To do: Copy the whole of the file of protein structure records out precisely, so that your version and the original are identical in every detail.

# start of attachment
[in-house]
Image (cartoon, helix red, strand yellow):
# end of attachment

[in-house]
Image (cartoon, helix red, strand yellow):